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PET image segmentation using a Gaussian mixture model and Markov random fields
AuthorLayer, Thomas ; Blaickner, Matthias ; Knäusl, Barbara ; Georg, Dietmar ; Neuwirth, Johannes ; Baum, Richard P. ; Schuchardt, Christiane ; Wiessalla, Stefan ; Matz, Gerald In der Gemeinsamen Normdatei der DNB nachschlagen
Published in
EJNMMI Physics, Berlin, 2015, Vol. 2, Issue 9, page 1-15
PublishedSpringer Open, 2015
Published version
Document typeJournal Article
Keywords (EN)Expectation maximization / Markov random field / Positron emission tomography / Radiotherapy / Tumor segmentation
URNurn:nbn:at:at-ubtuw:3-57 Persistent Identifier (URN)
 The work is publicly available
PET image segmentation using a Gaussian mixture model and Markov random fields [1.11 mb]
Abstract (English)

Background: Classification algorithms for positron emission tomography (PET) images support computational treatment planning in radiotherapy. Common clinical practice is based on manual delineation and fixed or iterative threshold methods, the latter of which requires regression curves dependent on many parameters.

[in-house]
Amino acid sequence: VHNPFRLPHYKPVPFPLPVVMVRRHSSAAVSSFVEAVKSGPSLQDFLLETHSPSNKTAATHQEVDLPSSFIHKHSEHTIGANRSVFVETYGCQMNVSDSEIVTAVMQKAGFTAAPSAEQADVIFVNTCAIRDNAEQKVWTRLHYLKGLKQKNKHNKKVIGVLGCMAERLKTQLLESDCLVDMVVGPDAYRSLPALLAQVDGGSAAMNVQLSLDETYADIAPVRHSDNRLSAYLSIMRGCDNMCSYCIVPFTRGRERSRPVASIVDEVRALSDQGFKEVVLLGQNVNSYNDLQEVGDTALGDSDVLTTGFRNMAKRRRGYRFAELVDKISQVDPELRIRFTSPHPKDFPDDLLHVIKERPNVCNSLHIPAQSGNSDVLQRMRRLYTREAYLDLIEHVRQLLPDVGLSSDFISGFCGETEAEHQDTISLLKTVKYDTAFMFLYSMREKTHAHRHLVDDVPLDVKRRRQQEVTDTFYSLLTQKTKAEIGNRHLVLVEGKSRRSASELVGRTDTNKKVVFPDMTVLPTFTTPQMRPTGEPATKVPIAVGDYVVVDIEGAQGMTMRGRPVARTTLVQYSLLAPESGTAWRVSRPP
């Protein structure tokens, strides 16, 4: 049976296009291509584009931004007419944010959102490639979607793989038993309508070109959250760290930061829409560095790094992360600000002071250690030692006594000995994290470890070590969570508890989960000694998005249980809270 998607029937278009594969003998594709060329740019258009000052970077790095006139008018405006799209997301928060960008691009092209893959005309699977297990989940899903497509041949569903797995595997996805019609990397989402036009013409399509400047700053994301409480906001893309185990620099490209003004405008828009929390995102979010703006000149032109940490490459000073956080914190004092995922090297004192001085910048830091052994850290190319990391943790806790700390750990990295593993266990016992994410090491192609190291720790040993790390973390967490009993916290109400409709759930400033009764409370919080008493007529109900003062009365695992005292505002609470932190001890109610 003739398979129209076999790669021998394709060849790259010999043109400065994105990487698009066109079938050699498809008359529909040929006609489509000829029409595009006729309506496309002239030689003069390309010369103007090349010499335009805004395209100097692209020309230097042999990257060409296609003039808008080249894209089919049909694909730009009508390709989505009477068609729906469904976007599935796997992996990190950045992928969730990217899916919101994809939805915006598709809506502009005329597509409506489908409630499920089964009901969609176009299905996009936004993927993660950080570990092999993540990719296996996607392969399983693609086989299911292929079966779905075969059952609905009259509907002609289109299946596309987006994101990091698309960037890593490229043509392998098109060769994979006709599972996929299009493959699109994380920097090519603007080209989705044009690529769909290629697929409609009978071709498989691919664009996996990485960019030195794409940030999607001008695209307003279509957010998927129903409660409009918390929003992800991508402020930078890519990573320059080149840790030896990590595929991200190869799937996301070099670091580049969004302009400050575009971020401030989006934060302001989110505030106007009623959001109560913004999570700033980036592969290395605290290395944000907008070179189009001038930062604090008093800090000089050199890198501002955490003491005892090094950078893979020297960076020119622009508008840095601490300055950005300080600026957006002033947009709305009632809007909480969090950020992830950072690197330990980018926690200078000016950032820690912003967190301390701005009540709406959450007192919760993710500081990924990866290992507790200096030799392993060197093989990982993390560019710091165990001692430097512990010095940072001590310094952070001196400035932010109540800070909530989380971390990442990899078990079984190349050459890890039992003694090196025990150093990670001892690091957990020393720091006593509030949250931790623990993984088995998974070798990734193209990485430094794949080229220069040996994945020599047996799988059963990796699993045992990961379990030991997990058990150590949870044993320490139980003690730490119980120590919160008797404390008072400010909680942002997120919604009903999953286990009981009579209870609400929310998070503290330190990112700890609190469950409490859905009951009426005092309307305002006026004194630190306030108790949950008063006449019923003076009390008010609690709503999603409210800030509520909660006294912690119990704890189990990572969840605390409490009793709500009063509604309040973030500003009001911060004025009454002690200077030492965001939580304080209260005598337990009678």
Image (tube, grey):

Methods: An improved statistical approach using a Gaussian mixture model (GMM) is proposed to obtain initial estimates of a target volume, followed by a correction step based on a Markov random field (MRF) and a Gibbs distribution to account for dependencies among neighboring voxels. In order to evaluate the proposed algorithm, phantom measurements of spherical and non-spherical objects with the smallest diameter being 8mm were performed at signal-to-background ratios (SBRs) between 2.06 and 9.39. Additionally 68Ga-PET data from patients with lesions in the liver and lymph nodes were evaluated.

Results: The proposed algorithm produces stable results for different reconstruction algorithms and different lesion shapes. Furthermore, it outperforms all threshold methods regarding detection rate, determines the spheres volumes more accurately than fixed threshold methods, and produces similar values as iterative thresholding. In a comparison with other statistical approaches, the algorithm performs equally well for larger volumes and even shows improvements for small volumes and SBRs. The comparison with experts manual delineations on the clinical data shows the same qualitative behavior as for the phantom measurements.

Conclusions: In conclusion, a generic probabilistic approach that does not require data measured beforehand is presented whose performance, robustness, and swiftness make it a feasible choice for PET segmentation.

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